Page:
PROFILE Indian unions fight precarious work

Unions United taking action. IndustriALL

Unions United is an industrial federation formed in April 2018 with 55,000 members in base metals, textile, mining, mechanical engineering, electronics and energy sectors. 

12,000 of the members are women. 

Precarious workers make up over 90 per cent of Unions United’s total membership. 

Union United’s membership of precarious workers include more or less all women workers, as well as a large number of male workers, in sectors like garment, base metals, and public sector steel plants and uranium and gold mining units. 

Reaching out to women precarious workers in their homes and neighbourhoods and addressing women’s rights and social wages, including the demand to access housing and public transport, have been central to the organizing strategies of its members. 

Powerful campaigning on women workers’ rights by the garment workers’ unions in Karnataka and Tamil Nadu, including equal wages, access to crèches, appropriate toilet facilities and an uncompromising struggle against sexual harassment to ensure a safe and fair work environment, are some of the core issues undertaken by its members. 

Job security has always been a major challenge when organizing precarious workers. Members of Unions United built effective solidarity to resist large-scale victimization and employers’ violent attacks of union activists and precarious workers. 

Gautam Mody, convener of Unions United says that “firm political will is the fundamental feature of organizing precarious workers.” 

Winning regularization of precarious workers and equal wages in the public sector at employers such as the Uranium Corporation of India and the Steel Authority of India are some of the major milestones achieved by the members of Unions United. 

While all members of Unions United are unions affiliated to the national centre New Trade Union Initiative (NTUI), the federation is open to all registered trade unions in the manufacturing industry and associated services across the India.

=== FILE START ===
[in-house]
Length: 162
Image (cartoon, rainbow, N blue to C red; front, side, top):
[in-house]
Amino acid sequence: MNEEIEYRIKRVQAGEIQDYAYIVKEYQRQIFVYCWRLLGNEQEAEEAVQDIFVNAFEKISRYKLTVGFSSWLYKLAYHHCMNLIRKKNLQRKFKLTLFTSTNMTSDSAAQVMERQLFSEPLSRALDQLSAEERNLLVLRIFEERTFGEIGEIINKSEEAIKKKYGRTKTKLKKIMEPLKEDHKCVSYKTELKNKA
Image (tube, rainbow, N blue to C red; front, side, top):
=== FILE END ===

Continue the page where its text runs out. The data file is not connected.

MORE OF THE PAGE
Currently, its membership is spread over several states, and in each of these states the member unions participate in joint calls to action from the central trade union organizations, including the recent historic countrywide general strike held on 8-9 January 2019.

Members of Unions United come from sectors closely tied to global supply chains and are conscious of the need to build unity and solidarity within and across the sectors nationally and globally to defend workers’ rights. 

In multinational companies like Siemens and KEC International, in addition to signing collective bargaining agreements, unions have taken initiatives to build countrywide company councils together with affiliates of other national trade union centres. Such initiatives strengthen their capacities to engage in global works councils and to take advantage of global framework agreements signed with IndustriALL. 

Unions United’s membership in the garment industry works in factories that supply to leading global garment and retail brands. Its members at US company Avery Dennison are currently engaged in a major struggle to regularize 600 contract workers and win recognition of the union.

Gautam Mody, says: 

“It is important for our members to come together to strengthen union power and to build workers’ solidarity nationally and across the global supply chain. Our affiliation to IndustriALL is crucial to connect our members’ struggles internationally and to take advantage of the global union force.”